FirstEnergy Charged In House Bill 6 Scandal, Agrees To $230 Million Penalty< < Back to
COLUMBUS, Ohio (Statehouse News Bureau) — FirstEnergy will pay $230 million after entering into a deferred prosecution agreement over charges that the company bribed then-House Speaker Larry Householder and former Public Utilities Commission chair Sam Randazzo.
The company admitted it “conspired with public officials and other individuals and entities”, according to a release from Acting U.S. Attorney for the Southern District of Ohio Vipal J. Patel. FirstEnergy is charged with conspiring to commit honest services wire fraud.
A formal announcement is expected this afternoon in Cincinnati.
A year ago yesterday, five people were arrested in connection with the effort to pass House Bill 6, the law that created subsidies for Ohio’s two nuclear power plants, and the effort to stop a repeal of the law. Those arrested included then-House Speaker Larry Householder (R-Glenford), former Ohio Republican Party Chair Matt Borges, lobbiysts Neil Clark and Juan Cespedes, and Householder operative Jeff Longstreth.
Prosecutors said Householder and the other defendants took part in a $61 million bribery scheme that helped Householder rise to power in order for him to pass the bailout.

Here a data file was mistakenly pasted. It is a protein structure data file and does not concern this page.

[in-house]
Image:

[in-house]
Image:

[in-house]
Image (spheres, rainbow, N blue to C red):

Two entities were also named – the 501(c)4 group Generation Now, which fought the attempt to repeal House Bill 6, and a utility widely believed to be FirstEnergy. FirstEnergy’s former subsidiary Energy Harbor, which had been known as FirstEnergy Solutions, owned the nuclear power plants.
Longstreth and Cespedes have pleaded guilty. Clark died by suicide in Florida in March. Borges and Householder have maintained their innocence. Householder was ousted from his leadership position not long after his arrest, and expelled from the House last month.
Generation Now pleaded to a racketeering charge in February.
Sam Randazzo resigned from the Public Utilities Commission after his home was raided by the FBI. No charges have been filed against him. But FirstEnergy disclosed in an SEC filing that it paid $4 million to end a consulting agreement with a company associated with an individual who went on to become a state regulatory official.
State lawmakers have repealed the nuclear subsidies in House Bill 6. But the law also created subsidies for two coal-burning power plants and six solar projects, and cut renewable energy standards and energy efficiency standards for utilities.
This story will be updated.